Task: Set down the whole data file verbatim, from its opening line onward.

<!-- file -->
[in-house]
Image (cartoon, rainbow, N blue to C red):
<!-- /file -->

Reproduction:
[in-house]
Image (cartoon, rainbow, N blue to C red):